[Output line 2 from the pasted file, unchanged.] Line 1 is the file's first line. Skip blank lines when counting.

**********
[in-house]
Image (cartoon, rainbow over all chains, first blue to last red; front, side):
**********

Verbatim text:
Image (cartoon, rainbow over all chains, first blue to last red; front, side):